Thurman is a political presence as well. His knowledge of Tibetan history and culture is often sought by policy makers. He has testified before the Senate Foreign Relations Committee and a plan he authored, which appeared in the Wall Street Journal in 1998 as an op-ed piece entitled "Freeing Tibet Is in China's Interest," is regarded by many as a practical, plausible blue-print for peacefully ending the human rights violations and cultural destruction in Tibet.

Thurman's charisma and genius have made him a popular celebrity figure as well. Time magazine, which chose him as one of it's 25 most influential Americans in 1997, described him as a "larger than life scholar-activist destined to convey the dharma, the precious teachings of Siddhartha, from Asia to America." The New York Times recently said Thurman "is considered the leading American expert on Tibetan Buddhism." His vibrant personality, wit, unique life story, long-time activism on behalf of Tibet, proximity to Hollywood and optimistic messages about "real happiness" for everyone have placed him front and center with the news media. He is regularly interviewed by newspapers and magazines throughout the world and has been profiled in the New York Times Sunday magazine, People and Time. He has appeared on CNN, Good Morning America, The News Hour, Larry King Live and the Oprah Winfrey Show to name a few. But it is Thurman's unique take on the relevance of Buddhism to American culture and politics, his wit and creativity in weaving ancient Buddhist wisdom and popular Western ideals, that make his knowledge and experience not only entertaining but also uniquely informative and immediately relevant.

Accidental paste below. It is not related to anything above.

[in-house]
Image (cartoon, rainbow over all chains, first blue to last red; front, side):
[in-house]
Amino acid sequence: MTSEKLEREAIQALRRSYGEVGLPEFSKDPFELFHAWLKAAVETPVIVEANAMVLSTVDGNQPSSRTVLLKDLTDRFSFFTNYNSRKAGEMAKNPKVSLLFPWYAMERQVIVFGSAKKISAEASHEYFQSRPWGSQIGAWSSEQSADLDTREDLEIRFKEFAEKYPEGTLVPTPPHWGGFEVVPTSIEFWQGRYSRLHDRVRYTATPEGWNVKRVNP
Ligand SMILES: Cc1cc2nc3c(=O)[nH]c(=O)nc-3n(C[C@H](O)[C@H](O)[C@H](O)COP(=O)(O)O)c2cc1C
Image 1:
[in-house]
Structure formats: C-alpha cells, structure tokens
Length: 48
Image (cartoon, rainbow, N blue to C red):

This is evident in his recent book, Inner Revolution: Life, Liberty and the Pursuit of Real Happiness, which Publisher's Weekly chose as one of the best books of 1998. Thurman makes a case that America is uniquely poised to realize the Buddha's vision of individualism and cultural harmony, that the happiness guaranteed by America's founders "should be ours and that there are methods for discovering which happiness is really reliable and satisfying, and then securing that in an enduring way without depriving others."

His innumerable other books and articles on India and Tibet, Buddhism, art, politics and culture, include Circling the Sacred Mountain, Essential Tibetan Buddhism, The Tibetan Book of the Dead, Wisdom and Compassion: The Sacred Art of Tibet, and Worlds of Transformation. He is credited with being at the forefront of making Tibetan art accessible and understandable in the West and he co-curated with distinguished art historians several important traveling exhibitions, including Wisdom and Compassion; Mandala; and Worlds of Transformation, which set a standard in the art world.

Whether he is using his obvious talents to educate and inspire or to speak out for the oppressed who are constrained from speaking for themselves, Thurman is a celebrity of meaning, a man who lives his life in cultivation of the highest Buddhist qualities of wisdom and compassion.